According to the new Guidelines, first medical use claims (medical use claims directed to novel product, i.e. both the product and the use are new) should be written in Swiss-type format, or in the format of “Substance X used as medicament for Disease Y”, or “Use of Substance X for treating Disease Y”.

Second medical use claims (medical use claims directed to known product, i.e. the product is known but the use is new) should be written in the purpose limited product claim (Europe-style) format of “Substance X for use in treating Disease Y”. Based on the new Guidelines, such claims are construed as directed to Substance X per se, with the new use (feature of “Disease Y”) as a limiting or distinguishing feature, which is subjected to novelty assessment. For example, such claim is patentable if Disease Y is a completely new use (Substance X was not used to treat disease before), or if Disease Y is a different unrelated disease (Substance X was used to treat Disease Z before). Specific diseases need to be recited in the second medical use claims. Second medical use claims that mention mechanism of action only (e.g. histamine receptor inhibitor, or cardiovascular dilator) are not patentable for being too broad and unclear. In addition, to provide support for second medical use claims, the description must have data such as clinical experiment result data, in vivo or in vitro animal experimentation data, data showing improved efficiency, decreased side effects, and so on. Such data if not contained in the description as filed may be submitted when requested by the Examiner.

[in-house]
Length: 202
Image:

Therefore, there is presently a discrepancy between the Patent Law of 2016 and the new Examination Guidelines. So far, very few applications filed under the Patent Law of 2016 have started examination. It is also not clear how the courts in Indonesia would act if Applicants would try to enforce patents having claims granted on the basis of this discrepancy.


Method of treatment claims are not patentable. The Vietnam Patent Office does not currently accept any use-related claims, regardless of the claim wordings and of which technical fields. As such, “Swiss-style” medical use claims are not patentable either.